and science, technology, and innovation policy 602, 605, 606, 609, 610, 613, 614, 624
and scientific autonomy 606
and Second Industrial Revolution 360–1
and technology transfer 210
and ‘Triple Helix’ perspective 214, 221, 233
Uzawa, H 491
Valentine, Don 251
Van de Ven, A 12
(p. 656) Van Pottelsberghe, B 508
Varian, H 473
Veblen, Thorstein 516–18
Vega, M 329
Venables, A J 298
Venice, and patent code 267
Venkataraman, S 474–5
venture capital 135, 248, 250, 251–3
and New Economy model 46–7
Verdoorn, P J 491, 523
Vernon, R 15, 326–7
Verspagen, Bart 19, 500, 508
and catch-up 524, 535
vertical disintegration 90, 91–3, 99, 421
video recorders, and network effects on diffusion of 471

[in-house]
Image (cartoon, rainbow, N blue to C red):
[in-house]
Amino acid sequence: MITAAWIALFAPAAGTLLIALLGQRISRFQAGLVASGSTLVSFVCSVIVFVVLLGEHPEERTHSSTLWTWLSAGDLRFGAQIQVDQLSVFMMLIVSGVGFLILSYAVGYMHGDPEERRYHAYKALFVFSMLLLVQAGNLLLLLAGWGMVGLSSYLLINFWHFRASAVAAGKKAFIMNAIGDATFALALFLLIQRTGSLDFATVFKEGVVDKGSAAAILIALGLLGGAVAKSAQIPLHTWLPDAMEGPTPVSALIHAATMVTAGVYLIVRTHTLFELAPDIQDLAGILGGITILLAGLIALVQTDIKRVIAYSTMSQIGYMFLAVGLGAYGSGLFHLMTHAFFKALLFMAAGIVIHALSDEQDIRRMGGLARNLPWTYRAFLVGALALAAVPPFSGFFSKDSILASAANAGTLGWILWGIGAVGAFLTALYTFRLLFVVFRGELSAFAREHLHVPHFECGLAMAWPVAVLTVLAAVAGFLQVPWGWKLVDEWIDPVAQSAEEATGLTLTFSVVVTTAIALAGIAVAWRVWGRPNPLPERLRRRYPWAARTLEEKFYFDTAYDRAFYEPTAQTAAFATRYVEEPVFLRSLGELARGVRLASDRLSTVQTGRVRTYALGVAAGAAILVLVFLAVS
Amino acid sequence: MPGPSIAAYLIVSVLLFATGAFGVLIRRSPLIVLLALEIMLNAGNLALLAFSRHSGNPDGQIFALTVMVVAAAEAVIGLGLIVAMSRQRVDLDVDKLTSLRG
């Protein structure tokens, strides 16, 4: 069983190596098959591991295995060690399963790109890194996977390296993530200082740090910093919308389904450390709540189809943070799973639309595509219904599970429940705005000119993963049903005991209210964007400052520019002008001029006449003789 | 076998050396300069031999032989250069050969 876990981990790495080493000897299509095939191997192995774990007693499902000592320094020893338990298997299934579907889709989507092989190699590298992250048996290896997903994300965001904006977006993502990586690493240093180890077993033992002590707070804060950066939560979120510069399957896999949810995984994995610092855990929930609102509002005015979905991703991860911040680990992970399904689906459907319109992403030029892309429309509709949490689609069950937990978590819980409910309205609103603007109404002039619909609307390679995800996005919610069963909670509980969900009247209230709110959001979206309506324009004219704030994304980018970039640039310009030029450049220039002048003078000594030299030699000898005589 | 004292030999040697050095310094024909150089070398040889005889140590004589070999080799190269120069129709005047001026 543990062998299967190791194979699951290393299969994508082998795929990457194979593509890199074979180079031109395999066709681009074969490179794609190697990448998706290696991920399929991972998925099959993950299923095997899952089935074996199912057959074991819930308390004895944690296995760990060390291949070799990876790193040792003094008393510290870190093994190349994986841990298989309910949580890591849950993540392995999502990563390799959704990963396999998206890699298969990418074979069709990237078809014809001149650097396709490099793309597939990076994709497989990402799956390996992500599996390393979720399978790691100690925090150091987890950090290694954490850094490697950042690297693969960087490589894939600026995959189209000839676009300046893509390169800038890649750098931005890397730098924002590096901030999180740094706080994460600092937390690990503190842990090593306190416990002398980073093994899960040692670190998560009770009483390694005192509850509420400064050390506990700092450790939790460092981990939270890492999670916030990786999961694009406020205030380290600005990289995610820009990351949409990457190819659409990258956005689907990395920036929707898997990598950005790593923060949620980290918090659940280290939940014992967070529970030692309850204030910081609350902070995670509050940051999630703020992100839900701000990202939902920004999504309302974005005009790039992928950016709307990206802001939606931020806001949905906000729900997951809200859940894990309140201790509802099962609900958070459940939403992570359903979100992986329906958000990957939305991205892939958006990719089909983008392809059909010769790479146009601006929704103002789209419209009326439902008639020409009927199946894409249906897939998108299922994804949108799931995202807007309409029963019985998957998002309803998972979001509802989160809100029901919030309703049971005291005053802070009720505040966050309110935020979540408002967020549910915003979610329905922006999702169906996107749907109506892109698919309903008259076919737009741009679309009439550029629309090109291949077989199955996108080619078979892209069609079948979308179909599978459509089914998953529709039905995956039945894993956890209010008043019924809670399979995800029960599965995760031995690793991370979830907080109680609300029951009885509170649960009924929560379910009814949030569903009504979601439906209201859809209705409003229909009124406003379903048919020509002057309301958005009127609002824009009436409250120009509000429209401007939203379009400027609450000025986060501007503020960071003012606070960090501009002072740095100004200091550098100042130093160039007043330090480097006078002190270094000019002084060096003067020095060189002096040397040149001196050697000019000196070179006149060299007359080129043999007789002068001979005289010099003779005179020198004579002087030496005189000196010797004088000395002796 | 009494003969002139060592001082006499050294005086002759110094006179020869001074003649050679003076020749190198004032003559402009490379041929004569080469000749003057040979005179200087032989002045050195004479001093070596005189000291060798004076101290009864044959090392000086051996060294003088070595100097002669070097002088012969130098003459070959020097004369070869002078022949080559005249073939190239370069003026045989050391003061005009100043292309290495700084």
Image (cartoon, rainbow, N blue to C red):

Vivarelli, M 581–2
Vivendi 95
Von Hippel, E 71
wage polarization 583, 587, 590, 592
Wal-Mart 427
Watson, Thomas J Sr 494
Watt, James 353, 494
wave theory 350, 499
Weber, Max, and organizational design 117
Wedgwood, Josiah 357–8
Weick, K E 137
Wellcome Trust 56
Western Union 360
White, Steven 189
Whitehead, Alfred North 350
Whitley, J D 582
Wilson, R A 582
Winter, Sidney 11, 17, 20, 382
and evolutionary theory 497, 499–500
and organizational capabilities 33
and organizational routines 126
Wolff, E 581, 584
Womack, J P 127
World Bank 534, 535
World Intellectual Property Organization (WIPO) 270, 271
World Trade Organization 535
and Trade-Related aspects of Intellectual Property Rights 275
Wright, Gavin 259, 372
Young, A 491
Zander, Udo 33
Zeitlin, Jonathan 37
Zingales, Luigi 255–6, 259
Zucker, L 297, 607